Considering the Future of Complete Streets

At their Tuesday, June 9 work session, the Mayor and Commission will begin the process of defining implementation strategies for ACC’s existing Complete Streets Policy. These implementation strategies will affect every corner of the county for years to come. We encourage you to attend the work session and to familiarize yourself with Complete Streets concepts.

More importantly, please write to the Mayor and Commissioners to let them know you support creative, flexible design and underlying priorities that do not give preeminence to motor vehicles.

The following letter outlines questions we believe Commissioners should raise at Tuesday’s work session.  Please use any portion of this letter in your comments to the Mayor & Commissioners. And by all means, please share this far and wide.


BikeAthens and Complete Streets: Prince Avenue are pleased to see a Complete Streets Policy report updating the community on past and future projects. We hope this type of analysis occurs annually.  The specific projects referenced in the materials include designs championed by other Georgia cities that we are excited to see come to Athens (i.e., buffered bike lanes).  While we are, for the most part, satisfied with the projects discussed, we have some questions about the larger impact and direction of ACC’s Complete Streets Policy. Before we get to our those questions, we’ll note that a stronger, more impactful policy would apply Complete Streets principles to all projects, big or small. As the Complete Streets Coalition highlights:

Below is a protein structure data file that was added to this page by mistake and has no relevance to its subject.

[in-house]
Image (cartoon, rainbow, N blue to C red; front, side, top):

“Under [the Complete Streets] approach, even small projects can be an opportunity to make meaningful improvements. In repaving projects, for example, an edge stripe can be shifted to create more room for cyclists. In routine work on traffic lights, the timing can be changed to better accommodate pedestrians walking at a slower speed. A strong Complete Streets policy will integrate Complete Streets planning into all types of projects, including new construction, reconstruction, rehabilitation, repair, and maintenance.”

As currently written, the ACC Complete Streets Policy is restricted to new road construction or major rehabilitation. This limits the number of potential complete streets projects, and gives staff discretion to apply the Policy during resurfacing and re-striping. Amending the Policy so it applies to all projects would create a more reliable, transparent mechanism for identifying and adding meaningful enhancements to our transportation network. It would facilitate the Policy’s key objective: the creation of a “comprehensive, integrated, and connected transportation network.”


Question: Why were the 20,000 ADT limit and 10-year Level of Service projections (LOS is a measure of motor vehicle travel delay) selected by staff as the appropriate “Road Diet” criteria?